It seems as if the world has tilted a little more to the crazy axis again in the past few days, leaving us all scratching our heads and wondering what might come next. The senseless violence has me, and I am guessing many of you too, wishing for a simpler time and place, and for me, that usually involved memories of my childhood growing up in a small town in the 1970s.

The older I get, the more the memories of an idyllic childhood begin to fade away, but still the thought of spending a couple of more days back in the 70’s is pretty appealing and there is one thing that always transports me to that magic time. That is Aisle 15 at the West Union Wal-Mart. Of course, if you don’t know already, that is the aisle where the baseball cards are sold. I still get that magical kid feeling when I rip open a pack of cards, which is why you will notice me always peeking in Aisle 15 even if my wife has sent me there on another shopping mission.

I had something rare for me last weekend, some time at home with nothing to do, at least until my wife got in the cleaning and moving furniture mode. One of the rooms that we needed to clean was my so-called “man cave”, an addition to the house we added a few years ago and where most of my childhood memories reside. By that I mean, all my sports cards are stuffed in there wherever there is room. There were scattered card boxes around that needed my attention, so I took the time to go through them all and suddenly found myself sitting in the middle of my bed in 1974 or thereabouts sorting through a newly purchased box of cards.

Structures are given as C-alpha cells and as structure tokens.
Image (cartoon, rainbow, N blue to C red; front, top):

If you were like me, you sorted the cards in many different ways. I usually did it by team and then starting marking on those checklist cards as I began my quest for the complete set. Of course, baseball card collecting then was for the kids, something that it’s not today. In fact, I don’t even know one youngster that collects baseball cards any more. I thought my collection would pass down to my son, but he lost interest about the time he put the first Xbox controller in his hand.

Back to 1974. The stacks of cards all over the top of my bed were something magical and I will never forget the thrill of getting on my bicycle and making my way to the Locker Plant in Ripley where a brand new unopened box of Topps baseball, football, or basketball cards was waiting for me. (We had connections at the store so a phone call usually informed us of their arrival.) After opening a couple of packs right there in front of the store, it was a mad rush home to open the rest, not worrying one bit about how much a card was worth or maybe it was best to leave the box unopened. Of course, it’s if I knew then what I know now, but in 1974 I could care less about value. I just wanted to see the shots of Bench, Perez, Rose, Foster, Morgan, Griffey, Geronimo, and Concepcion show up in my hand, even if they may have had a little bubble gum stain here and there.

Now, those days have come and gone and the days of buying mass quantities of baseball cards has also passed. As many of you know, the hobby has turned into a plaything for rich adults and my budget now includes more important things, such as food, car payments, utility bills, and all those other things that I didn’t worry about in 1974 and wish I didn’t have to worry about now. I had all the information I needed at hand, just look at the back of the baseball card. Now, it didn’t have any information on number of games bet on, but that’s a whole other story.

So, here’s my advice to all of you. When the news of today gets you down and wondering, find something to take you back to a simpler time. For me, that’s a trip to Aisle 15.